15 Apr 2019 The Digestive System of Horses and the Basics of Feeding
Although there are already many places where you can find information on the digestive system of the horse, it is only logical to start off there and to move forward from there.
In summary, the digestion is basically the process of making food absorbable by the body to use as energy. It does this by dissolving it and breaking it down into simpler chemical compounds. In the horse this is done through the action of enzymes in the foregut (stomach and small intestine) and fermentation in the hind gut (cecum and large intestine).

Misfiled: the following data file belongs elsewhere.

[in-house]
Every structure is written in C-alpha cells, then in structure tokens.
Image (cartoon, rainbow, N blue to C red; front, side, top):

There are a number of items EVERY horse should have in its diet, especially if he is not allowed to ‘live like a horse’ with 24 hour turnout on pasture or hay available at all times, access to shelter and fresh water.
All diets should start with forage. At least 1.5 to 3% of the horse’s body weight should be available in forage on a daily basis. (Depending on the energy requirements, determined by workload, environment, stress etc.) A good average is 2% of BW. For a 1000 lb. horse (500 kg), that means about 20 lb. (10 kg) of hay.
Clean, fresh water needs to be available at all times. In very cold weather, water should be temperature controlled and snow is NO substitute!
Sodium and chloride are essential for many bodily functions of the horse and are needed on a daily basis.